This article analyzes the United Nations Global Compact (UNGC) under the conceptual framework of explicit versus implicit corporate social responsibility (CSR) to better understand the operational and governance challenges behind this voluntary global initiative. Using institutional logics theory, we show how the UNGC is a practice that embodies seemingly competing logics. We suggest mechanisms to facilitate the interplay of implicit/explicit CSR and the co-existence of logics that might allow the UNGC to move forward while addressing its critics. We argue that failure to conceptualize the UNGC as a combination of explicit and implicit CSR leaves the UNGC subject to criticism that might be better directed toward organizations that fail to practice explicit CSR. While viewing the UNGC through an integrated CSR framework may not immediately reconcile its critics and proponents, combining elements of both may provide opportunities to posit collaborative solutions to improve the quality, outcome, and legitimacy of UNGC initiatives.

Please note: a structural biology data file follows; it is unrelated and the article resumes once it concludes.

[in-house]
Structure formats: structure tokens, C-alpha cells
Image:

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Brown, J.A., Clark, C. & Buono, A.F. The United Nations Global Compact: Engaging Implicit and Explicit CSR for Global Governance. J Bus Ethics 147, 721–734 (2018). https://doi.org/10.1007/s10551-016-3382-5
- United Nations Global Compact
- Global governance
- Institutional logics